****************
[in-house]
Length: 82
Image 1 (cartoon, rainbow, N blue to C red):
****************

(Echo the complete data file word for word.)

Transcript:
[in-house]
Length: 82
Image 1 (cartoon, rainbow, N blue to C red):